Parents have a lot to worry about, yet our children expect us to be calm, confident leaders. Our task is this: without ignoring our concerns, we need to create a safe harbor for the people who depend on us.
When I was about six years old my mom summoned my sister and me to a serious discussion. The topic was fire safety! If we ever smelled smoke, or if we thought our house was on fire, we were NOT to come to our parents’ room. We were to close our bedroom door, climb out our windows, and meet in the front of the house. After a tear-filled discussion about the unlikeliness of a fire, we were sent to rehearse the fire plan. Now we knew what to do in an emergency, and we knew that our parents knew what to do. They had prepared us.
I was afraid of the dark as a young child. My mom was sensitive to my fear and asked if I wanted to overcome it. I said, “Sure.” Opening the door of a closet, she directed me to get inside and sit down on the floor. “Are you comfortable? Are you scared in any way?” she asked. When I replied that I was fine, she said. “Okay, I’m going to close the door a bit,” and she closed it, but with a couple of inches of light still streaming in. “Are you okay?” she asked. “Yep,” said I. Then we talked for a while about various things until she said, “Do you think you’re ready for me to close the door the rest of the way?” I answered, “I guess so. “Very good,” she said, “and I’ll be right here outside the door if you get scared. I just want you to see that the dark doesn’t make the closet any different. You just have to get used to it.”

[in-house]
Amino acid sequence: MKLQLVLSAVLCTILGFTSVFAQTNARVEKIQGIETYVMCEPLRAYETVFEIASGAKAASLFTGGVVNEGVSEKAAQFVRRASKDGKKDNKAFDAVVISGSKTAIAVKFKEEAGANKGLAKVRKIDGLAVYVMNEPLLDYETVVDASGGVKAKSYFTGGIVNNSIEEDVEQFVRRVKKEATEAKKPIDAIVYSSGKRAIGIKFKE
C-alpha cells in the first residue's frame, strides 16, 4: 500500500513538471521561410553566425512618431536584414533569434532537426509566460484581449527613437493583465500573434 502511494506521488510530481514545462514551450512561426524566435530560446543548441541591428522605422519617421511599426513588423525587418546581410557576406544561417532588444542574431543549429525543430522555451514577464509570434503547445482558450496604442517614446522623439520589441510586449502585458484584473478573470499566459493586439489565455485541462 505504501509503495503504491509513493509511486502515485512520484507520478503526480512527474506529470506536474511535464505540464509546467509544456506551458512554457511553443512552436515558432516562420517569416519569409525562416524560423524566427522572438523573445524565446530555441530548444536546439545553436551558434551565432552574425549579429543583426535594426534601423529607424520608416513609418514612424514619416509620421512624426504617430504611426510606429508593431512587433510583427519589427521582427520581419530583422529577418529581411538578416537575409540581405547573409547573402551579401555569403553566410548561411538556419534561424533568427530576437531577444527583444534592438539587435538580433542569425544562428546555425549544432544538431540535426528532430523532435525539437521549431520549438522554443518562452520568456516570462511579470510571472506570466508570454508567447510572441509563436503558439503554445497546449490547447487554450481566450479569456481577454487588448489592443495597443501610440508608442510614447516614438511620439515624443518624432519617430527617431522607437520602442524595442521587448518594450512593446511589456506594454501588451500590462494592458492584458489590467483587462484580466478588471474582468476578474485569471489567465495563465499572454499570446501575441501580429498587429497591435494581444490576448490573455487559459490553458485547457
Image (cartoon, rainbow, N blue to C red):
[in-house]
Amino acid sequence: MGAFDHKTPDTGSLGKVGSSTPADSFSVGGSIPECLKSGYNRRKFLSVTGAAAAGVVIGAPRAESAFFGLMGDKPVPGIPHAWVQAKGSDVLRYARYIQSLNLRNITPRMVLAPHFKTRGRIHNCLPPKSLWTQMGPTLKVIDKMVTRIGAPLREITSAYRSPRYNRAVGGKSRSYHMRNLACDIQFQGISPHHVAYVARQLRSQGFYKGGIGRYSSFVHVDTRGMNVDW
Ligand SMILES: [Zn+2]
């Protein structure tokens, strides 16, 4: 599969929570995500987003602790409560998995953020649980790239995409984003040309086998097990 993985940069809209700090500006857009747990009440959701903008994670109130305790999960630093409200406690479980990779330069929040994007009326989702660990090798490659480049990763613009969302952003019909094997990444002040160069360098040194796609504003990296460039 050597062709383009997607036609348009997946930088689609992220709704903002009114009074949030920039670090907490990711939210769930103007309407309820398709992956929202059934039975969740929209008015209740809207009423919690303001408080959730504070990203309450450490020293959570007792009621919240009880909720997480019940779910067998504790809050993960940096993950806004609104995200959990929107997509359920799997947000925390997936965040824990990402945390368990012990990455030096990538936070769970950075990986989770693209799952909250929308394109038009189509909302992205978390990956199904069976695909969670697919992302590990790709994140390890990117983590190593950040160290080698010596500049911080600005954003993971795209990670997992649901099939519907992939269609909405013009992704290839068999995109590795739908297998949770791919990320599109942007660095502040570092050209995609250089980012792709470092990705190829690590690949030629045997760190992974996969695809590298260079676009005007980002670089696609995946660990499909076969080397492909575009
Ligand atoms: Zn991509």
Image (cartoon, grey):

So she closed the door the rest of the way. Man, was it dark! But minute by minute it got a little lighter. I could see light at the bottom of the door. Soon I could even see the outline of my hand. “Hey, this isn’t so bad.” I thought. “How are you doing?” asked Mom from outside. “Just come out whenever you’re ready.” After a few minutes I calmly exited the closet, never to be afraid of the dark again.